New 'Dedicated Docket' Could Rush Asylum-Seeking Families Through Court

by Rebekah Wolf


The Department of Homeland Security (DHS) and the Department of Justice (DOJ) announced on May 28 the creation of a new “Dedicated Docket” in immigration court for the claims of asylum-seeking families. The goal of this new “rocket docket” is to complete most new cases within 300 days. A previous rocket docket implemented by the Trump administration in 2018 was widely criticized for its negative impact on asylum seekers’ rights to due process.

Advocates argue that this new docket, which the Biden administration says will help adjudicate cases more quickly than others on the non-detained docket, could hinder their access to legal representation and a fair hearing.

This new rapid docket will apply to any families who arrive on or after May 28, 2021 between ports of entry at the southern border, who are put into removal proceedings, and are released on an alternatives to detention (ATD) program.

The Biden administration is launching the new docket in courts in 10 cities across the country, including Denver, Detroit, El Paso, Los Angeles, Miami, Newark, New York City, San Diego, San Francisco, and Seattle.

While DHS and DOJ say that this faster docket will not compromise fairness in hearings, advocates are concerned that it will do the opposite. Similar dockets in prior administrations were in fact used to try to deter families from seeking asylum in the United States.

The announcement Friday also indicated that one goal of the dedicated docket is to reduce the years-long immigration court backlog. Yet data from 2019, just after another rocket docket for families was used, indicate that rushing through these cases would have virtually no effect on the court backlog.

From 2014 to 2017, the Obama administration ran a similar rocket docket for families, called the “adults with children” docket. Officials at the immigration courts later admitted that the docket “coincided with some of the lowest levels of case completion productivity in [the court’s] history and, thus, did not produce significant results.”

The new Dedicated Docket program could also lead to more families being put in electronic monitoring ATDs who would otherwise be released on their own recognizance, expanding the government’s surveillance of non-detained migrants. Data makes it clear that the majority of asylum seekers appear for court without the need for surveillance or other restrictive ATDs.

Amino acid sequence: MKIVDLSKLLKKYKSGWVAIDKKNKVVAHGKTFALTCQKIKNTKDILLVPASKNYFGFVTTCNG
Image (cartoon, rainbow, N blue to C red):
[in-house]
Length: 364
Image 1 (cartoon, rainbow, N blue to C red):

One thing that is known to increase a person’s likelihood to appear for court is having legal representation. Yet expedited dockets can make this more difficult by putting asylum seekers on tighter deadlines to find a lawyer. Rocket Dockets and other attempts to push migrants through the immigration court system have in the past led to a sharp reduction in representation.

The Biden administration, like the Trump and Obama administrations before it, risks sacrificing fairness and due process for some asylum seekers by speeding up the processing of their cases in the immigration courts. A stated desire to address “border security” and immigration court backlogs must not do so at the expense of fundamental fairness for families seeking safety.

This post originally appeared on Immigration Impact. Reprinted with permission.


About The Author

Rebekah Wolf is the Senior Attorney for the Immigration Justice Campaign at the American Immigration Council. She is a Legal Support Attorney in which she provides mentorship for pro bono attorneys representing detained individuals. Before joining the Campaign, she represented asylum-seekers and unaccompanied minors at the New Mexico Immigrant Law Center. She also had a prior life as a high school teacher. Rebekah has a JD from UC Hastings College of the Law and a BA from New York University. She is based in her hometown of Santa Fe, New Mexico.


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